I had been out all day. My feet were swollen. My briefcase and handbag had suddenly become like lead bricks in my hands. I was glad to spot a number 199 bus at a stop up ahead, going from Lewisham to Rushey Green. I ran towards the bus stop as fast as my tired legs would carry me, but with little hope of catching the bus, it seemed as if the driver was holding on for me.
As I hopped onto the 1-9-9 and pulled out my pass, I realised that the driver hadn’t been waiting for me at all. He was busy chatting up a little young blonde female driver on a 199 bus heading in the opposite direction. I showed him my bus pass, but he couldn’t be bothered to look at it. So, I walked to the back of the bus and sat down. I would have kicked off my shoes just then, but I knew that I would never be able to get them back on my feet again.
Half a minute later, I heard somebody shouting, “Oui, you, ticket?” The bus driver barked at me in such a rude, obnoxious tone that I heard myself telling him that I’d showed him my pass, and it wasn’t my fault if he didn’t want to look at it. He said,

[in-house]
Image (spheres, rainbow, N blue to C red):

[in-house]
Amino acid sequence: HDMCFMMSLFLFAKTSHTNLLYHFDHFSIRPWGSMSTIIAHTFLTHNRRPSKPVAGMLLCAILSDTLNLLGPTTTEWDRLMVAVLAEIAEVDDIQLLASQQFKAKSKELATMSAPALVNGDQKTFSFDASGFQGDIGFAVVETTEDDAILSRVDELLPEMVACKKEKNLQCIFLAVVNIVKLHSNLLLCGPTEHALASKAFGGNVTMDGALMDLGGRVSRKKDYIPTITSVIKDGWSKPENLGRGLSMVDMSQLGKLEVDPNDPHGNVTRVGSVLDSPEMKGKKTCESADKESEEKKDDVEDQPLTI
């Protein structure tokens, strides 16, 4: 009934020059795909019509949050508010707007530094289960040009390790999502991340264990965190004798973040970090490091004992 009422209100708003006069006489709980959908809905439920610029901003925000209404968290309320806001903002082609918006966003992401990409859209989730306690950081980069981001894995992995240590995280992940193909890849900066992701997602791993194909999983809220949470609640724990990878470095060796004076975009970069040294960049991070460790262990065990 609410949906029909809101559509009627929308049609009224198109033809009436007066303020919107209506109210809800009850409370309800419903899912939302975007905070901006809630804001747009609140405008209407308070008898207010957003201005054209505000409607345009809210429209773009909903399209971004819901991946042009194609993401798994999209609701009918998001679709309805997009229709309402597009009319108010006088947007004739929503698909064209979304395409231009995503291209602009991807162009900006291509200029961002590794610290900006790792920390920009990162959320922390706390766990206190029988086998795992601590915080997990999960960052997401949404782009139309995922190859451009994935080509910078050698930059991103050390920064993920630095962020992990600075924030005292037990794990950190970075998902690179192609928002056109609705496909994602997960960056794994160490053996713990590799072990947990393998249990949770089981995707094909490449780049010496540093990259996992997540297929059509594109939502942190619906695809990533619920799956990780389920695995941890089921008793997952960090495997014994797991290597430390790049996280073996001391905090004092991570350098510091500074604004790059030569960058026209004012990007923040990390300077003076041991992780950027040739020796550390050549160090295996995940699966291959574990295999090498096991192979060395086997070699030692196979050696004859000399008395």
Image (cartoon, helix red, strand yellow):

“You black people in Britain carry on like you’re something special!”
He followed this with some other rude remarks that I just could not hear. He was one of those light-skinned Jamaicans of the type who mistakenly think that they are closer to white and therefore ‘better than’ us darkies. So I asked him, “If you’re so wonderful what are you doing driving a bus?” No disrespect to bus drivers intended. However, I also went on to assure him that here in England his ‘high’ colour light skin made no difference to the British because in their eyes he is just as black as I am.
He was the ‘Mister Brown’ type from back home, who wasn’t used to any backchat, and so he was very upset by my comments. He immediately told me to get off his bus. Well, of course, I declined. So he stopped opposite Lewisham Hospital and refused to go any further. I sat down and tried to collect my thoughts. Some chap from the upper deck came down and took his money back, and most of the other passengers got off the bus.